I talked about public sector cuts in the UK and public union strife in France yesterday in French Strikes Reach 7th Day; Japanese Economy at Standstill; China Hikes Interest Rates; Leaked Docs say 10% of UK Public Sector Workers to be Fired

Today the New York Times discusses the UK at great length in Britain Details Radical Cuts in Spending, Citing Debt

The British government on Wednesday unveiled the country’s steepest public spending cuts in more than 60 years, reducing costs in government departments by an average of 19 percent, sharply curtailing welfare benefits, raising the retirement age to 66 by 2020 and eliminating hundreds of thousands of public sector jobs in an effort to bring down the bloated budget deficit.

“There’s a growing acceptance and public awareness that this is necessary, that these measures are needed,” Helen Cleary, deputy political director for the Ipsos Mori polltakers, said in an interview. “But I don’t think people will really understand what it all means until the cuts start to bite.”

Mr. Osborne said that 490,000 public sector jobs would be lost over the next four years, some to attrition. At the same time, payments to the long-term unemployed who fail to seek jobs would be cut, he said, saving $11 billion a year. Additionally, he said, a new 12-month limit would be imposed on long-term jobless benefits, and that measures would be taken to curb benefit fraud.

Britain has about six million public-sector jobs, about one fifth of all jobs in the economy, according to the Office for National Statistics.

Nobel Prize Winning Fools

One quick look at the demographics in both the united states and the UK show the present path is not sustainable and the system is bankrupt. Yet noble prize winning economists like Paul Krugman and Joseph Stiglitz cannot seem to grasp the simple reality of the situation.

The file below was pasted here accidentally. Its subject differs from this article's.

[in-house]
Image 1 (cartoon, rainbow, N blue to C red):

Economist Joseph E. Stiglitz argued that the government’s plan was “a gamble with almost no potential upside” and that it would lead to lower growth, lower demand, lower tax revenues, a deterioration of skills among the unemployed and an even higher national debt.

“We cannot afford austerity now,” he wrote in The Guardian newspaper. “Austerity converts downturns into recessions, recessions into depressions. The confidence fairy that the austerity advocates claim will appear almost never does, partly because the downturns mean that deficit reductions are always smaller than was hoped.”

Every day I ask myself how allegedly brilliant economists cannot see that continuing down the current path will lead to a situation like we recently saw in Greece. It is impossible to spend one’s way out of a mess then the problem is unsustainable spending.

For more on “Brilliant Idiots” please see Keynesian Nonsense Falls Out of Favor in UK – Thank God!

None of these Keynesian fools ever address the question as to what happens when the stimulus is cut off. None of them can see that Japan has proven in spades that neither Keynesian nor Monetarist solutions did anything for Japan but increase debt.

Unavoidable Path

My friend “BC” has it correct: “The consequences for such a decline in overall private and public economic (or uneconomic) activity will be severe, life-changing, and consciousness-altering.

However, the unfortunate reality of this economic mess is doing nothing or worse yet listening to Keynesian clowns will only make matters worse later.

We know that by because …

  • We have reaped the rewards of putting off the inevitable once too many times already. The Housing bubble and debt collapse is proof enough of what happens.
  • Greece shows what happens when government spending runs amuck
  • Japan has proven that all you get from Keynesian and Monetarist spending is more debt. Japan has squandered decades of trade surpluses building bridges to nowhere. As soon as interest rates in Japan turn up Japan will be bankrupt.

Yet “brilliant idiots” want to go back to the well “one more time” hoping the system will right itself by more spending even though it should be perfectly obvious that mathematically, demographically, and in actual historic practice, that more government spending cannot possibly work.

Mike “Mish” Shedlock